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3answers
66 views

Indefinite article before 'god' [closed]

Here's a phrase from a song: There's nothing a god can give to me that I can't give to myself I put my beliefs in the things I believe and a god can take care of himself It might seem kind ...
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0answers
15 views

Articles: an email or a email in written English? [duplicate]

Different sources provide different information. E.g.: it should be an email for after e there's a consonant sound. And it should be a email for the general rule to use "an" instead of "a", is bound ...
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25 views

Using an indefinite article with ability

Which is correct? His artwork is outstanding. He has a natural ability. or His artwork is outstanding. He has natural ability.
3
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1answer
772 views

Why not “on a street”? [closed]

Why do people say "I met him on the street" instead of "on a street", even though they're talking about a street for the first time and another person doesn't know what exact street they mean?
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3answers
163 views

Why is it “a President” when it's clear to anybody that it's refering to the present President? [closed]

The New York Times (January 20, 2015) carries an editorial board article under the headline, “At the State of the Union, a President outgunned in Congress is still combative.” It begins with the ...
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1answer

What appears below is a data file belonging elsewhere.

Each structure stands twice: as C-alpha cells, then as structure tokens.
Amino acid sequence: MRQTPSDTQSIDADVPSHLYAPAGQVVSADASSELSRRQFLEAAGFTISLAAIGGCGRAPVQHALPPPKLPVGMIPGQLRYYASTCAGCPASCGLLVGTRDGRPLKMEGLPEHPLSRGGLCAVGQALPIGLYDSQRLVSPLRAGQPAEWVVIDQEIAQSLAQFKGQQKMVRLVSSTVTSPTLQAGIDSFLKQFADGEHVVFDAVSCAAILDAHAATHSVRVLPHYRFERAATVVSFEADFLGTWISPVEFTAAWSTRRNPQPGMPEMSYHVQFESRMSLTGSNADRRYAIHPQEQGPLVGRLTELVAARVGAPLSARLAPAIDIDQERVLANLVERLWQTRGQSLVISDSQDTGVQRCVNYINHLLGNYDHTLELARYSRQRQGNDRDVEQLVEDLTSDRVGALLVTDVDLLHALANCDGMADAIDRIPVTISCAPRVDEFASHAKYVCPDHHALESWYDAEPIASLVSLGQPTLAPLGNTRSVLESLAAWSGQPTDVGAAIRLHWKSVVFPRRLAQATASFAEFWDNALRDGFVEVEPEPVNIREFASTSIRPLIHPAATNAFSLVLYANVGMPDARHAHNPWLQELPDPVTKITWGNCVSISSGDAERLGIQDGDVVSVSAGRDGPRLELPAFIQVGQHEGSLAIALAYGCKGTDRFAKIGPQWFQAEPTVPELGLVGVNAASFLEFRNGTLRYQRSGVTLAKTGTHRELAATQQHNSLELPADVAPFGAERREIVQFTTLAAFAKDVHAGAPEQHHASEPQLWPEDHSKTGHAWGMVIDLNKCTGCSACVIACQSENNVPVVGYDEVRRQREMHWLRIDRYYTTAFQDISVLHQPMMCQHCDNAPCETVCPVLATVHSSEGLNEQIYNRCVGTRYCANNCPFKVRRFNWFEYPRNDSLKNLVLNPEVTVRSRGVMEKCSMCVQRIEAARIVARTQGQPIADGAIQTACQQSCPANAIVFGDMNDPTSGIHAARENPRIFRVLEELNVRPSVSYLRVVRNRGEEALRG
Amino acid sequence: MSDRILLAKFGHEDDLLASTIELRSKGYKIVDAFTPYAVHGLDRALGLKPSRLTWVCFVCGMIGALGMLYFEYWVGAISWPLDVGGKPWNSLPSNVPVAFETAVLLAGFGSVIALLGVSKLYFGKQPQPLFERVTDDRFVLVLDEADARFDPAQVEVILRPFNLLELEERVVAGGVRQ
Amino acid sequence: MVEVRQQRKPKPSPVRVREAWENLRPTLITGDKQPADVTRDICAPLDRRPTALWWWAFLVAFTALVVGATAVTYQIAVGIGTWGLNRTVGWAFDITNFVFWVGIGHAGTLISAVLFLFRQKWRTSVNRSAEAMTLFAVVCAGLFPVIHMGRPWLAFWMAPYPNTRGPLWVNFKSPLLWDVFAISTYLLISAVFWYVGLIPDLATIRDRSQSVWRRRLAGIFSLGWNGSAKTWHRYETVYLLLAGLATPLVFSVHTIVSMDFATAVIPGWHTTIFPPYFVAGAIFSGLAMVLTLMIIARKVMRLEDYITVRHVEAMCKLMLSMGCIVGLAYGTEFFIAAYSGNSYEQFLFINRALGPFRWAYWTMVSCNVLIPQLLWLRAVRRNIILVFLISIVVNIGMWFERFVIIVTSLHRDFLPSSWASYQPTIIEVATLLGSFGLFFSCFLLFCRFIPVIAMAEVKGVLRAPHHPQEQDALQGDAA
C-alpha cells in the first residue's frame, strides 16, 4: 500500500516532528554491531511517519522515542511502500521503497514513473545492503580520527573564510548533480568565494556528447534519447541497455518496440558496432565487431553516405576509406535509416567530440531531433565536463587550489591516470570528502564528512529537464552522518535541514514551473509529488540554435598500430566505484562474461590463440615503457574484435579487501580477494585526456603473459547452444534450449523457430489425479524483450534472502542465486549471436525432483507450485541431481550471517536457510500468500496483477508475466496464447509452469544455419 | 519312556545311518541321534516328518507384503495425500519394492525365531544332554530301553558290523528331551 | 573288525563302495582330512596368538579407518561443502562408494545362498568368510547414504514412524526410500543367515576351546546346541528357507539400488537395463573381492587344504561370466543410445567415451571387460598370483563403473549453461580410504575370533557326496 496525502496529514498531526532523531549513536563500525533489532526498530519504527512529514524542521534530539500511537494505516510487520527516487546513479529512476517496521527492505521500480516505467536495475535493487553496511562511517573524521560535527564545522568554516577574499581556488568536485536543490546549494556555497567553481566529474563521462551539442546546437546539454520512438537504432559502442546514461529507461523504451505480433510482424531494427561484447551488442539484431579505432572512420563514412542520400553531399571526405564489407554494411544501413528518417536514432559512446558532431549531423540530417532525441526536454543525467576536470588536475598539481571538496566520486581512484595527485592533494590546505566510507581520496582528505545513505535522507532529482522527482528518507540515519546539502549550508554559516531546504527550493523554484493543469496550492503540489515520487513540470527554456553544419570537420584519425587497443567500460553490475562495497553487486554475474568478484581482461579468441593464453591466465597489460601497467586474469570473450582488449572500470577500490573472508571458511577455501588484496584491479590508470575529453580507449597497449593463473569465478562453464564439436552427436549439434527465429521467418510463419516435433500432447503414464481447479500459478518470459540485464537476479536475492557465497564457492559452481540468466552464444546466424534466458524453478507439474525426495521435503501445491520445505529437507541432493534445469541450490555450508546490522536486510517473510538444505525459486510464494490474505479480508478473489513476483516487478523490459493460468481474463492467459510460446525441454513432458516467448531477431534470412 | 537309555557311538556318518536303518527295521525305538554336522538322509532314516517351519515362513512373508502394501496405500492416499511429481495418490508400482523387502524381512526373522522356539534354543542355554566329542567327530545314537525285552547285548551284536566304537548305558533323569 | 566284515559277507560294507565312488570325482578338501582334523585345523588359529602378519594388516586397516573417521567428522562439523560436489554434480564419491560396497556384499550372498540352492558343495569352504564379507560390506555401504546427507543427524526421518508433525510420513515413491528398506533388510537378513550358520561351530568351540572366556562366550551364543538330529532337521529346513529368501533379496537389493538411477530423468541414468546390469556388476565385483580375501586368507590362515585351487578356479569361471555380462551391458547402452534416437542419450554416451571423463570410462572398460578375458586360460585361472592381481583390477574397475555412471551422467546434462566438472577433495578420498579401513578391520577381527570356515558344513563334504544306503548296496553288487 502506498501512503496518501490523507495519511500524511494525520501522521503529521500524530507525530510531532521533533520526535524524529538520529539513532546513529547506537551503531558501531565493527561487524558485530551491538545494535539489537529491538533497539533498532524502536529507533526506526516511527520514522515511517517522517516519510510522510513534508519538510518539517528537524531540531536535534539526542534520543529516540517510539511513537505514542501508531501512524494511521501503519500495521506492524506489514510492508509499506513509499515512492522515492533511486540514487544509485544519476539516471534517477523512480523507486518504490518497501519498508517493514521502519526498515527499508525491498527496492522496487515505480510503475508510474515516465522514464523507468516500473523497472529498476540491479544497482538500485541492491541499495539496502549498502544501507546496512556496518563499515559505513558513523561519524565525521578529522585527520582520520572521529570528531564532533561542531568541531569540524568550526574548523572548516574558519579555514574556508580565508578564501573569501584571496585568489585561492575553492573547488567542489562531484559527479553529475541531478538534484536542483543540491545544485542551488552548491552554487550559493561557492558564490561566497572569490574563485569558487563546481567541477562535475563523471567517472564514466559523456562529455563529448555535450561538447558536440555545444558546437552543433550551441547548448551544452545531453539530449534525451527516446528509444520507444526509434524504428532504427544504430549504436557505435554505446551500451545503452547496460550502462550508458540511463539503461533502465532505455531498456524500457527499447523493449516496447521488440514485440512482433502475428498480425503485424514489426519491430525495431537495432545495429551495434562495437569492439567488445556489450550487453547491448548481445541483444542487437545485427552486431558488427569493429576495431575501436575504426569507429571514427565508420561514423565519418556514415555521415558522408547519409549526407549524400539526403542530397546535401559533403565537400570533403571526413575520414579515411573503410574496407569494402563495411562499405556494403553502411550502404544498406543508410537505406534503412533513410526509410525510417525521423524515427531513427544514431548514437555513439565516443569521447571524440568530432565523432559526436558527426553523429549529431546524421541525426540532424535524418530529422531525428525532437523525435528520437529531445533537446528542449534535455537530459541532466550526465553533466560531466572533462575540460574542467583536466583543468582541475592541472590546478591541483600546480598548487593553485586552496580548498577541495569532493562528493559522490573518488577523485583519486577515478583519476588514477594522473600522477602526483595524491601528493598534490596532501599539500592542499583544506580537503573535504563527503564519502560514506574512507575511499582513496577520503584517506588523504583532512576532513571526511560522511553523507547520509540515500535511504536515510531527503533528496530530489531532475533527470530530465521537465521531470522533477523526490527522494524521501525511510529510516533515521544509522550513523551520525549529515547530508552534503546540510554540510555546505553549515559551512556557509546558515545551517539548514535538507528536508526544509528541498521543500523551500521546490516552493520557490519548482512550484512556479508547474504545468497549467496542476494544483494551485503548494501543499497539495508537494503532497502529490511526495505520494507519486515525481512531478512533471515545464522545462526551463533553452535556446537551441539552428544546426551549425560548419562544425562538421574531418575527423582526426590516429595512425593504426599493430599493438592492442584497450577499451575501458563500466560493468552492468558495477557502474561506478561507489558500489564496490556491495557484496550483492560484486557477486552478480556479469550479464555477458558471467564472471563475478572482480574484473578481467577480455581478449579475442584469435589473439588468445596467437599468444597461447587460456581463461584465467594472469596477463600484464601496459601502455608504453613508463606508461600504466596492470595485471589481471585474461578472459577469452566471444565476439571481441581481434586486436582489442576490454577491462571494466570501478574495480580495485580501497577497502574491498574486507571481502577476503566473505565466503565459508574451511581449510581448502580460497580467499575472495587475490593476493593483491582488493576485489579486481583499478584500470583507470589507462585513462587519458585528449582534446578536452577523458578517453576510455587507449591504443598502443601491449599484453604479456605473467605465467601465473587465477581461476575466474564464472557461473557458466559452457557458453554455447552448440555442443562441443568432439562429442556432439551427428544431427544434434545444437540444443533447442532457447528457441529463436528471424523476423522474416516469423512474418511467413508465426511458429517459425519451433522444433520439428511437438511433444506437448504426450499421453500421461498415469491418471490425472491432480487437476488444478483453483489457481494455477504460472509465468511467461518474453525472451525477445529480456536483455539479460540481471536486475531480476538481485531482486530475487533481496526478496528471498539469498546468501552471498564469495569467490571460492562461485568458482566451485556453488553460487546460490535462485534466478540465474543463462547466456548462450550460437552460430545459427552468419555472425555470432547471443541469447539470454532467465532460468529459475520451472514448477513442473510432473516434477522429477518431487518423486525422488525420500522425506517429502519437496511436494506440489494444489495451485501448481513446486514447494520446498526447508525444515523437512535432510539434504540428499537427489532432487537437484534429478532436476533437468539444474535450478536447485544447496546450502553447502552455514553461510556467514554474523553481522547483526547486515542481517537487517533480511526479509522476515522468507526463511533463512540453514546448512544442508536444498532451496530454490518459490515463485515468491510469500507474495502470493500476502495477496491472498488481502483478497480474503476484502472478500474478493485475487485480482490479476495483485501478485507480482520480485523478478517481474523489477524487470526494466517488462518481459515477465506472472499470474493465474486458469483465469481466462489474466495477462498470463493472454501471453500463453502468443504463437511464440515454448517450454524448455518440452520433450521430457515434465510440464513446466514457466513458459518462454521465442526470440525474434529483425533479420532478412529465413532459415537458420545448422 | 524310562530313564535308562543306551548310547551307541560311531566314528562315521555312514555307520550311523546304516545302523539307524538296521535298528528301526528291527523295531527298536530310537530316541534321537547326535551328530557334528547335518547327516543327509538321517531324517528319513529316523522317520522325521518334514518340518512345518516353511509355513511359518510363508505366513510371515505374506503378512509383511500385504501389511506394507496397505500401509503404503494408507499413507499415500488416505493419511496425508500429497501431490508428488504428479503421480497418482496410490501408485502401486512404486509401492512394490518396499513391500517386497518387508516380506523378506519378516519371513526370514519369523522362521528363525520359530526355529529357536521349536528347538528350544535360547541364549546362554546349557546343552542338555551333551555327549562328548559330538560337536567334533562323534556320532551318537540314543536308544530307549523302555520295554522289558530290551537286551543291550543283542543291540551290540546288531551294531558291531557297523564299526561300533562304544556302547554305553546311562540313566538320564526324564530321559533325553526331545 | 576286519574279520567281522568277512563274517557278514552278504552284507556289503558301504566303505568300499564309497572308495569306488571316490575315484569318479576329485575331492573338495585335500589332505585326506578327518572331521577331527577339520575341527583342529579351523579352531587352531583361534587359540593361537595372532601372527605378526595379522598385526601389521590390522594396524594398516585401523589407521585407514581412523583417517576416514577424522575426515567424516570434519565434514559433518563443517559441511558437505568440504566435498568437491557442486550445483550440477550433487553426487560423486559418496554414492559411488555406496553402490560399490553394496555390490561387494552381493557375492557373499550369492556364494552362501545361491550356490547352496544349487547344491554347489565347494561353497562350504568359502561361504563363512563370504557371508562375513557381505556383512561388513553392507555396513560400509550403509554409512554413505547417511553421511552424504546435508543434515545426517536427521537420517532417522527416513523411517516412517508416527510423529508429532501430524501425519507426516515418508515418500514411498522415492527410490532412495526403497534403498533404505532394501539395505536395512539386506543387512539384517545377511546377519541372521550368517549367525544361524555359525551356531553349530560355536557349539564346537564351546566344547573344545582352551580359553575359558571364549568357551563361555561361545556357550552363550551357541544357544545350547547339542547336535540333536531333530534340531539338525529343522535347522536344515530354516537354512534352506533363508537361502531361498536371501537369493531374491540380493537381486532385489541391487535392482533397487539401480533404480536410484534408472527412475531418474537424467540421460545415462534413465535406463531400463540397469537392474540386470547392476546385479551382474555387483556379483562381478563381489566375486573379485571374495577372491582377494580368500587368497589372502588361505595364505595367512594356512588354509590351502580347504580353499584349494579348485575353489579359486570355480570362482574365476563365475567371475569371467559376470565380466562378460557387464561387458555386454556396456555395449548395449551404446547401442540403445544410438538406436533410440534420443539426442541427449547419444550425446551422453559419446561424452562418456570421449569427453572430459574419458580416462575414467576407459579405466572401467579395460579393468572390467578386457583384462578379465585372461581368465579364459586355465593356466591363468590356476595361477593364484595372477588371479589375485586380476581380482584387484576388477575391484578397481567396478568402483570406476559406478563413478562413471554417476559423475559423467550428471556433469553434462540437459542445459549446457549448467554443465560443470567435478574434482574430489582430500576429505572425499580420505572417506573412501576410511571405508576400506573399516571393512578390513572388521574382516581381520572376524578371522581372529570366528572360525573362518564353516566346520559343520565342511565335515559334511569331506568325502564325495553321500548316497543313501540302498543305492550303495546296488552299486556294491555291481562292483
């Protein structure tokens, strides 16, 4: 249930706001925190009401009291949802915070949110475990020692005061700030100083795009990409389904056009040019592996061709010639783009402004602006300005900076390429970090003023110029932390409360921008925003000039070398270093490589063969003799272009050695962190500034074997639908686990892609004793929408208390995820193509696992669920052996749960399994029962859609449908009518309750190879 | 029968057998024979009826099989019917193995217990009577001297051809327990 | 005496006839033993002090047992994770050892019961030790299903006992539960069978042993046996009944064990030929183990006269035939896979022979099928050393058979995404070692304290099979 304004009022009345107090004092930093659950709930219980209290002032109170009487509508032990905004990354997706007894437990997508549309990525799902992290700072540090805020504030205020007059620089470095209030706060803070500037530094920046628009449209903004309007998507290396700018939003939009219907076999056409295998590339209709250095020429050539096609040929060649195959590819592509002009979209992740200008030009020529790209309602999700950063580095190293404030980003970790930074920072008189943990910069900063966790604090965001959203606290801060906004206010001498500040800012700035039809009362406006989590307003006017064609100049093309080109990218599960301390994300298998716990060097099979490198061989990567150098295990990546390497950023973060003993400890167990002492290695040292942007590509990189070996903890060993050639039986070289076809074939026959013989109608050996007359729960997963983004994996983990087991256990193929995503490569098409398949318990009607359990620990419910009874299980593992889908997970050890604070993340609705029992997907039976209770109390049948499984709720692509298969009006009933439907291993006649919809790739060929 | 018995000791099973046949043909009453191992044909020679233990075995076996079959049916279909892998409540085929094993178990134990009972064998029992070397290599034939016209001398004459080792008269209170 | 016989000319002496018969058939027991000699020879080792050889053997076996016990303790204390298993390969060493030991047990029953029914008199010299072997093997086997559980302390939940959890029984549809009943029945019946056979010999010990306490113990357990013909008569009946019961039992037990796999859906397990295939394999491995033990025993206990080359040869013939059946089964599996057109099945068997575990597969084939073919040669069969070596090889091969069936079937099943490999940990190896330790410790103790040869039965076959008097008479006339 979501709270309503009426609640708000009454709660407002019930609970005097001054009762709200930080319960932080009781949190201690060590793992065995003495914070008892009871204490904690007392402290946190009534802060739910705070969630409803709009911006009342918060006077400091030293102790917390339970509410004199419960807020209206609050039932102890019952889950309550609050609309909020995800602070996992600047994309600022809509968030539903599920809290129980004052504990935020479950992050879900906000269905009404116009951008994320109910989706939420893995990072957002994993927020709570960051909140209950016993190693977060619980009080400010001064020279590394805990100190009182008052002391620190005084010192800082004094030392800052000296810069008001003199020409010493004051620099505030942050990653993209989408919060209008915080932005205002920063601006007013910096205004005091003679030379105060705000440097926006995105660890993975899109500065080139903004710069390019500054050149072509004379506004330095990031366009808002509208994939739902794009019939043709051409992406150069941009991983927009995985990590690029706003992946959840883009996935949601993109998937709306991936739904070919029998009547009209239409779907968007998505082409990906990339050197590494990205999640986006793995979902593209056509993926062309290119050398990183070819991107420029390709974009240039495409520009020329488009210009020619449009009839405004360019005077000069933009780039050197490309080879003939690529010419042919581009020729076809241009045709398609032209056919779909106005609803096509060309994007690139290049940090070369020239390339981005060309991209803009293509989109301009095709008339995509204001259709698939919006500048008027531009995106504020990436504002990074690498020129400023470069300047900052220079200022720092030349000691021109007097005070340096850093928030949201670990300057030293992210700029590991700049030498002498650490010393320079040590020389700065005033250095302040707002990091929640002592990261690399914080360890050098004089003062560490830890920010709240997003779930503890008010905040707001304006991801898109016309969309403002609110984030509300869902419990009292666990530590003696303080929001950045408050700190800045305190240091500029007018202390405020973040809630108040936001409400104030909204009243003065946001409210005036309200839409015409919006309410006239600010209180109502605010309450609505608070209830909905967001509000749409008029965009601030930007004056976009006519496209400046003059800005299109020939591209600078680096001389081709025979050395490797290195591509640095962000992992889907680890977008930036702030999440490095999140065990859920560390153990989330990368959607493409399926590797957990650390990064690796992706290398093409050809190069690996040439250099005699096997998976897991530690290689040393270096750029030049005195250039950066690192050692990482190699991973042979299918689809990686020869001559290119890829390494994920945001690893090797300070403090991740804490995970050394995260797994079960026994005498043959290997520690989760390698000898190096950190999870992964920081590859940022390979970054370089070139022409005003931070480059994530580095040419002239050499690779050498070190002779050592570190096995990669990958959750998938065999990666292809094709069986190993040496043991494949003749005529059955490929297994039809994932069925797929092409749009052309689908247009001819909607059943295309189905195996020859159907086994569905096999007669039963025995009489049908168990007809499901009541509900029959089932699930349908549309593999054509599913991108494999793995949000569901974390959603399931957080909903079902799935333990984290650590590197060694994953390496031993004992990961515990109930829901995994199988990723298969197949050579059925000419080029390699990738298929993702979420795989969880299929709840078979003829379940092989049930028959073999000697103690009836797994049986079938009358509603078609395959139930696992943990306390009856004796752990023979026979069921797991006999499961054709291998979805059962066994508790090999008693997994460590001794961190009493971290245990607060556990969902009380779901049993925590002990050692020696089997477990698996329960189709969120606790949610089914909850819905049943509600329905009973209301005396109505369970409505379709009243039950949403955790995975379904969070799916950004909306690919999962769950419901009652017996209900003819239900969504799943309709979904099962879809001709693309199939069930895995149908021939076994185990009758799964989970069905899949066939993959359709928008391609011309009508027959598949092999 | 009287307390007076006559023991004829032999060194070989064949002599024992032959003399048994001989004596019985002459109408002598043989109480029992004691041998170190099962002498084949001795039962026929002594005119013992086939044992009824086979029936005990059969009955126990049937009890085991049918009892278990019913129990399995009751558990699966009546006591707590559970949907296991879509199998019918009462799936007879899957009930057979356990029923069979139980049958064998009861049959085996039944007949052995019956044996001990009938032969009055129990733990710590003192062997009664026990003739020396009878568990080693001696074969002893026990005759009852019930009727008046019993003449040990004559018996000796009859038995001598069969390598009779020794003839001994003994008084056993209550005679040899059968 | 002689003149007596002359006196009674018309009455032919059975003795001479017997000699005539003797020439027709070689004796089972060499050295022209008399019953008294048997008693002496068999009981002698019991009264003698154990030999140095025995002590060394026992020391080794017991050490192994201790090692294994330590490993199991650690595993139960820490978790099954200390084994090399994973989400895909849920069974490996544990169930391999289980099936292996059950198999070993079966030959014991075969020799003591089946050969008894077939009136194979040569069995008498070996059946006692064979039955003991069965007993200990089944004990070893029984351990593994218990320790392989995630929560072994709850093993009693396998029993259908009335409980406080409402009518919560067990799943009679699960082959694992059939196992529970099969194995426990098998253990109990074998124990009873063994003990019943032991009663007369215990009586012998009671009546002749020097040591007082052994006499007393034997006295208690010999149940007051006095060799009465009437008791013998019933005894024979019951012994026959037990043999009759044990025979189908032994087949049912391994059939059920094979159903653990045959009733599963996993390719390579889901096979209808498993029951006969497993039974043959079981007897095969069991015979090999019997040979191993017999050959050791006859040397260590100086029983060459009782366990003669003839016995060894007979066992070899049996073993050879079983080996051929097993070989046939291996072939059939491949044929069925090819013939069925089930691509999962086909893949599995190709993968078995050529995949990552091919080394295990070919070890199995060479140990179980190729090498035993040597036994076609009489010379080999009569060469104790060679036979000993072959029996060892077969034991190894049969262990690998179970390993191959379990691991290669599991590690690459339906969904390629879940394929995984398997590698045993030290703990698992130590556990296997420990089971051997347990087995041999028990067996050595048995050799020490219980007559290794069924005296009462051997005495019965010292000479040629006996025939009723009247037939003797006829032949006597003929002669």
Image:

182 views

A/An Historian Debate [duplicate]

My teacher and I are having a debate over a/an historian. I have brought numerous proofs of why it should be a, but she keeps quoting William Safire who uses the argument that because historian has ...
1
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1answer
62 views

Question on indefinite article (Part 2)

when it comes to an English, article really trips me up so I ask another question regarding article(definite/indefinite). I was studying English grammar and ran into below sentence: "Make sure the ...
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1answer
127 views

Question on indefinite article (in couple weeks or in a couple weeks)

I have a question on indefinite articles. I thought a is only used with singular nouns, by definition. Why is "in a couple weeks" the right way? Isn't a couple weeks more than one? I thought it would ...
1
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1answer
66 views

indefinite article plus proper name in organizational (i.e. business or bureaucracy) contexts